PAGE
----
Shootout: Gruppo Gamma Vanguard vs Gruppo Gamma Peacemaker Bronze
When I published my review of the Peacemaker Bronze a few months ago, I got a lot of questions asking: should I buy the Peacemaker Bronze, or the new Vanguard? Given that I have now had the opportunity to interact with both watches, here’s my opinion.
In terms of build quality, both watches are dead even. Both watches feature an ETA 2824 movement, sapphire crystal with AR coating, 200M of WR rating, brilliant (literally) lume. There’s really very little separating these two watches, especially considering that there’s also a bronze version of the Vanguard (priced similarly to the bronze Peacemaker) available. If I’m really splitting hairs, I might give the win to the Vanguard because of its handmade Italian strap from Simona – in comparison, the Peacemaker Bronze comes on a more standard Horween leather strap. However, from a build quality standpoint, you can’t really go wrong with either watches.
It’s in the design where both watches differs. Sure, they still share a similar overarching design aesthetic – the design is utilitarian, robust. However, personally, I’ll have to give the win to the Vanguard here due to its case design. As compared to the Peacemaker, the case on the Vanguard feels more refined and detailed, due to its angular nature and multi-piece components. I like the triangular placing of the bezel ridges too, as well as the pop of contrasting color the red second hand brings. The bronze case side guard is intriguing too. If you like the green californian dial and bronze case combination of the Peacemaker Bronze, fret not – the Vanguard offers a similar variant at the same MSRP as well. In the Peacemaker Bronze’s defence, it does feature an exhibition caseback, allowing you to admire the Swiss movement inside. Nevertheless, I believe that the Vanguard showcases more dimension in its design, and as such have to give the Vanguard the win on the aesthetics front.
Overall, while I believe that both watches are great watches, I would personally pick the Vanguard amongst the two. With both at the same MSRP for the bronze variants, I believe that the Vanguard offer a little bit more value for money due to the inclusion of a fantastic handmade Italian strap by Simona, as well as possessing a more interesting and refined case.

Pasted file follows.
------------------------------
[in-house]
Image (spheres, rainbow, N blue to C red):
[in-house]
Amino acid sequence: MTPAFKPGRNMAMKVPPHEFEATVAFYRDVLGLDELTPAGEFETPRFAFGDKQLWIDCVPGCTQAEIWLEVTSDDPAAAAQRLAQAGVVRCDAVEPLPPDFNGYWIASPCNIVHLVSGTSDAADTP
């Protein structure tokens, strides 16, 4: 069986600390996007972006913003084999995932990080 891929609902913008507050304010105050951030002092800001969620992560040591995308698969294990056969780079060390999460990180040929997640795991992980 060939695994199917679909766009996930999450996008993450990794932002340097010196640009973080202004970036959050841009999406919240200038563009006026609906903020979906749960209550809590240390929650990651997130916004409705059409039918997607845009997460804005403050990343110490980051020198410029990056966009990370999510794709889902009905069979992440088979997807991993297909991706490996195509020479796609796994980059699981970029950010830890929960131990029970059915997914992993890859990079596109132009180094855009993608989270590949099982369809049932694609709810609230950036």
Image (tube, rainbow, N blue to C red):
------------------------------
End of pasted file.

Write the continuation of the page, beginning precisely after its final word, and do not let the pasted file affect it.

Conclusion: so the Gruppo Gamma Vanguard “shiok” or not?
Definitely! Gruppo Gamma watches rarely disappoints, and the latest iteration from the Vanguard is no exception. It’s near faultless from a build quality standpoint, and possesses quite a thoughtful design as well, especially with that aged steel case. As compared to previous iterations of the Vanguard, this iteration is a marked improvement. After handling the Vanguard for 1-2 months, it is now my favourite Gruppo Gamma watch till date.
Gruppo Gamma has kindly offered readers $50 USD off all Gruppo Gamma timepieces (excluding pre-orders). Simply use the code “WAHSOSHIOK” upon checkout to enjoy the $50 USD off, with the promotional code valid till the end of the month. After the discount, this aged steel variant of the Vanguard can be had for just $850 USD, while the bronze variant can be had for only $900 USD. If you’re looking to get yourself one of these Vanguards, act fast – Gruppo Gamma watches tend to sell out quickly, and I hear that there’s only a few more units left in this production run. I would also like to add that Gruppo Gamma is one of the rare microbrands whose timepieces actually appreciate on the used market – they are known for holding their value well. If you’re a fan of Gruppo Gamma, the military aesthetics, or simply love the design of the Vanguard, go for it – you probably won’t regret it.
View Gruppo Gamma’s latest Vanguard collection here.
Mk IV Vanguard, 316L stainless steel, aged finish, water resistance 200m
Diameter 44mm, length 54mm lug-to-lug, height 13.5mm, lug width 24mm, weight 135g with strap
Low profile double-domed sapphire crystal with underside anti-reflective coating, stainless steel caseback secured by screws, screw lock crown
Bolt-on crown guard, bronze case side guard
120-click unidirectional rotatable bezel, pip marker with Swiss Super-LumiNova® C3
ETA 2824-2, automatic bi-directional winding, 28800 bph, accuracy between -30 to +30 s/ day, power reserve 38 hrs, Swiss made
Two-tone black dial, thick printed markers with Swiss Super-LumiNova® C3, chapter ring in gunmetal finish
Silver color hour and minute hands and red seconds hand, with Swiss Super-LumiNova® C3
Leather strap by Simona Di Stefano Straps, handmade in Italy, navy blue, width 24/22mm with buckle
Screwdriver for strap changes, travel pouch
P.S Do check out the new “Discounts!” page for exclusive discounts for Wahsoshiok readers! More brands will be added very soon – stay tuned!